ABU DHABI // The UAE will showcase its most talented artists this year in Italy at the renowned international art exhibition, the Venice Biennale. It will be the first time a Gulf country has had a presence at the event. "It's so important the UAE participates in this," said Lamya Gargash, one of the participating artists. "There're lots of creative people here, and this is our chance to say something. We can change the way the world looks at us."
A photographer based in Dubai, Ms Gargash likes to shoot portraits and explore architectural themes. She works regularly with the Third Line Gallery, where she recently exhibited. "Artists in the UAE aren't limited in terms of subject, but in resources," she observed. "There is an interest in art here, there is, but the way it is supported it's a little chaotic right now." Inaugurated in 1895 and held every two years, the Venice Biennale is considered by many to be one of the top contemporary art shows in the world. It now includes displays from more than 70 countries and regularly draws about 300,000 visitors. The 2009 event will take place from June 7 to Nov 22.
Tirdad Zolghadr, curator of the UAE pavilion, which at 800 square metres is the largest at the show, hopes to draw attention to questions about how best to develop an arts centre in a city. "The UAE should get some recognition for what is going on within the country," he said. "In the past we've been eclipsed by artists in other countries, but we're discovering our own art scene. But it's been moving at such speeds that it's difficult to judge, to evaluate."
The pavilion is called "It's not you, it's me", a name Mr Zolghadr said he hoped would be interpreted as equally playful and provocative. "Coming from a new arrival at the Venice Biennale, the title might be interpreted to mean ,'Look, it's the UAE's turn now'," he said. "The UAE pavilion will be unapologetic about documenting the nation." Ms Gargash said the Biennale would be an opportunity to debunk a common world view of the UAE as a glamorous, glitzy country with no substance.
"There are so many stereotypes about this region, these people," she said. "This isn't going to be an explanation; we're just going to be honest and introduce ourselves again to the world." Tarek al Ghoussein, 49, will be showing photographs from his self-portrait collection. For him, the exhibition will be as much an opportunity to open the eyes of the international arts community to the UAE as to explore issues of identity and place for Emiratis.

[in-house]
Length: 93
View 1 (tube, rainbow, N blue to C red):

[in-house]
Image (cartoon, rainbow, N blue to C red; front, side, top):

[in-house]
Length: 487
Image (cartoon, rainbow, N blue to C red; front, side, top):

"It's not black and white any more, where you come from and where you represent," he said. "I'm a Kuwaiti citizen but I've lived in the UAE for the last 10 years, and I appreciate, really appreciate, being chosen to go to the Biennale to represent the UAE." Mr Zolghadr, the curator, cautioned against exaggerating the impact of the UAE's participation in the Biennale, saying that development of an arts community in any city or country was a gradual process.
"It's easy to overestimate what arts can do, and the effect is long-term," he said. "With this show, we hope to make a contribution to what's happening in the UAE. But if I said it would forge a national identity, that would be insane. It's a slow contribution to our art scene." Beyond Mr Zolghadr and the artists, a volunteer programme has recruited about 50 young Emiratis, aged 18 and over, to man the pavilion over the six-month run of the exhibition. Financed in part by the Emirates Foundation, student volunteers with an interest in art and architecture will work week-long shifts.
Organisers hope the exposure to another country, and the other cultures and art at the Biennale, will influence the volunteers, broaden their views of the world and affirm a sense of place within it. "We want everyone in the pavilion to be an Emirati national," said Eliza Ilyas, one of the UAE pavilion's organisers. "We want Emiratis to be the ones to explain the exhibition, to talk about their country."